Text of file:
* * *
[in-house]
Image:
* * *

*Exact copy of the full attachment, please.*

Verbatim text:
[in-house]
Image: